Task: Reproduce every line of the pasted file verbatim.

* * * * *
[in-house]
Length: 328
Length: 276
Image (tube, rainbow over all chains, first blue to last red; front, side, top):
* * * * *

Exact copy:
[in-house]
Length: 328
Length: 276
Image (tube, rainbow over all chains, first blue to last red; front, side, top):